Fujitsu PC unveiled a new LifeBook T3000 – based on 1.4GHz Intel Pentium M. It features 12" XGA LCD, 256Mb to 2Gb memory.
The basic configuration also includes 40 or 60Gb HDD. The notebook features 2 x PC Card Type II slots or 1 x Type III slot, modem, Ethernet, 2 x USB2.0 ports, IrDA, D-Sub, optional WLAN 802.11b/g. Higher-capacity batteries provide about 4.5 hours of operation.
Renesas Technology introduced new SRAM chips with lower energy consumption – superSRAM – designed for portable devices.
First produced is the 16Mbit R1LA1616R series (1.8V) and R1LV1616R (3V). Crystal sized is 32 mm² that´s minimum provided by 0.15µm process.
Chips are encased into 52-pin µTSOP (10.79x10.49mm; the left one on the photo) and 48-pin FBGA (7.5x8.5). In the future these will be offered in MCP as well. On the second superSRAM stage Renesas plans to release 32Mbit chips in 52-pin µTSOP.
Small size was achieved mainly with the help of new memory cells that combines SRAM and DRAM: p-channel thin film transistor and n-channel MOSFET typical for SRAM on one side and stacked capacitor typical for DRAM on the other side. This enabled to halve the memory cell size comparing to 6-transistor CMOS SRAM (with similar process stechnology, of course.)
Intel announced its new PXA800EF comm processor codenamed "Manitoba E" and designed for Enhanced Data Rates for GSM Evolution (EDGE) standards.
Similar to the previous PXA800F, the new chip bases on XScale RISC architecture that enables it to operate in GSM and EDGE networks.
EDGE provides data throughput of 150-180Kbps, but it might settle down only in USA, as most European and Asian countries are to proceed from GPRS directly to 3G.
PXA800EF doesn´t differ much from PXA800F. It just has EDGE support, its DSP chip with MSA architecture has 156MHz clock speed instead of 104MHz. Besides, some software changes have been implemented. PXA800EF has 312MHz clock speed, 4Mb flash memory and 512Kb SRAM.
Today AMD officially announced two new AMD Opteron processors: 846 and 146. The former, AMD Opteron 846 (2.0GHz) is designed for 4- and 8-way systems, while AMD Opteron 146 (2.0GHz as well) is designed for entry-level 1-way servers and workstations.
Priced $3199 wholesale AMD Opteron 846 are now shipped to Northern America´s system builders (this clearly indicates their insufficient quantities); AMD Opteron 146 ($669 wholesale) is shipped throughout the world, according to the press release.
New models differ from their predecessors by raised PowerPC G4 clock speed that is 1.25GHz for 17" iMac and 1.0GHz for 15" model. In both cases FSB is 167MHz and basic configurations include 256Mb DDR333 (up to 1Gb) and 80Gb HDD.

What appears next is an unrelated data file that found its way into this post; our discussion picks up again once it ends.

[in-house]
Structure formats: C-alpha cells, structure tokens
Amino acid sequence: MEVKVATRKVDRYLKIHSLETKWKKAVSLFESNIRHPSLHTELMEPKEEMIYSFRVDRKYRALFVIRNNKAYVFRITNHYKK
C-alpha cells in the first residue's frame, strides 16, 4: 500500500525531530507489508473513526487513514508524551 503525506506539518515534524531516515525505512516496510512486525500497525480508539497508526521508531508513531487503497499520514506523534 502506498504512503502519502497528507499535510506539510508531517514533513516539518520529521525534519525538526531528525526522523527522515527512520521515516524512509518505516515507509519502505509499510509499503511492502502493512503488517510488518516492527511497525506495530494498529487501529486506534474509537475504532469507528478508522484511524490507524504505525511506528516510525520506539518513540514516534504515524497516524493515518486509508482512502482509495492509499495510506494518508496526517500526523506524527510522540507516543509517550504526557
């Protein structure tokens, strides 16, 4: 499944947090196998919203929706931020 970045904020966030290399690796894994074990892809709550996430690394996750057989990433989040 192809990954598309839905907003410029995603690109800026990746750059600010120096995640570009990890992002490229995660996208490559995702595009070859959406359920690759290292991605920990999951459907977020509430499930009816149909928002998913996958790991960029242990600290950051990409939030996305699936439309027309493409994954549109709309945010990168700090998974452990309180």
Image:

Also both models feature 2 x FireWire 400 ports, 3 x USB2.0 ports (and 2 x USB1.1 ports on keyboard), VGA, S-video/composite, 10/100BASE-T Ethernet and 56K V.92 modem, Mac OS X with installed Software Mail, iChat, Safari, Sherlock, Address Book, QuickTime, iLife (includes iTunes, iPhoto, iMovie, and iDVD), iSync, iCal, DVD Player, AppleWorks, Mac OS X Chess, and Classic environment; Microsoft Internet Explorer, EarthLink, AOL, Quicken 2003 Deluxe,World Book 2003 Edition, Tony Hawk’s Pro Skater 4, Deimos Rising, Sound Studio, and Acrobat Reader; Apple Hardware Test.
Fujitsu PC introduced another addition to its Tablet PC product line, the LifeBook T3000. Featuring Intel Centrino mobile technology, the system is powered by an Intel Pentium M processor operating at 1.4 GHz and comes with the Intel 855GM chipset and Intel PRO/Wireless Network Connection 802.11b.
LifeBook T3000 Tablet PC Specifications
For those who consider WLAN support to be redundant feature, here comes another version, T3000D, which has the same specifications as given/
As part of its DDR2 dual in-line memory module (DIMM) verification testing, Kingston built 512 Megabyte unbuffered DIMMs using Elpida’s DDR2 components. Kingston’s modules were then tested to ensure compliance with JEDEC´s DDR2 specification. DDR2 unbuffered DIMMs are considered a key element in next-generation high-performance desktop computers in 2004.
Kingston’s DDR2 DIMMs offer a peak data transfer rate of 4.3 Gigabytes per second (PC2-4300), or up to 8.6 Gigabytes per second in dual-channel configurations. Elpida’s DDR2 components realize a 50% power reduction over DDR1 components. In addition, Elpida’s advanced 0.11 micron process technology allows for high yields on DDR2 products.
Kingston expects to start sampling DDR2 development memory modules to leading chipset and motherboard manufacturers by the end of 2003.
Write a comment below. No registration needed!